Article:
NASA’s Curiosity rover has sniffed the Martian atmosphere for methane and, so far, turned up empty. The much-anticipated measurement strikes a blow to the hope that previous hints of methane could have been an indication of life on Mars.
Methane, made of one carbon and four hydrogen atoms, is one of the simplest organic compounds. On Earth, 90 to 95 percent of methane in the atmosphere comes from biological activity, mainly methanogenic bacteria and cow farts. Geological activity such as water-rock interactions could have also produced the methane, which would also have overturned astronomers’ view that Mars is geologically dead in the modern age. Curiosity’s latest measurements seem to refute both ideas.
“So far we have no definitive detection of methane,” said chemist Chris Webster, instrument lead on Curiosity’s Sample Analysis at Mars (SAM) laser spectrometer, during at NASA press conference today. SAM is like the rover’s “nose,” able to test the Martian atmosphere and determine what chemicals are present.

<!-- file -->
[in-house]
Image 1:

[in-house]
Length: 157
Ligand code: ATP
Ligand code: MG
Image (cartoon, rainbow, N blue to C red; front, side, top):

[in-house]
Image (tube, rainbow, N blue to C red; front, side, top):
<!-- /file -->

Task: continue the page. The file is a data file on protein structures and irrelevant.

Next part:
In 2009, Michael Mumma of NASA’s Goddard Space Flight Center in Greenbelt, Maryland used an Earth-based telescope and found hotspots of methane that appeared seasonally. Methane is quickly destroyed by ultraviolet radiation in the Martian atmosphere, usually after only a few hundred years, so the gas could not be left over from some era millions of years ago. The detection excited much of the scientific community because these hotspots could have been areas where underground Martian microbes were alive on modern-day Mars.
Later measurements by both Mumma and other scientists cast doubt on these methane detections, and one of Curiosity’s main tasks has been to provide evidence one way or another. The probe used its Tunable Laser Spectrometer (TLS) and found the atmosphere is mainly composed of carbon dioxide, with trace amounts of argon, nitrogen, and oxygen.